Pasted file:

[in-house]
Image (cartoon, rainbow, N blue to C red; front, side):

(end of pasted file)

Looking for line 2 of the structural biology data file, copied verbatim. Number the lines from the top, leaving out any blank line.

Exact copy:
Image (cartoon, rainbow, N blue to C red; front, side):